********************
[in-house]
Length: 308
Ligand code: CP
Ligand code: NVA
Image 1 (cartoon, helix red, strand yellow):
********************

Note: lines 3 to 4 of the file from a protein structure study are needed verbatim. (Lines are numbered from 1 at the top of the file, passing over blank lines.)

Ligand code: CP
Ligand code: NVA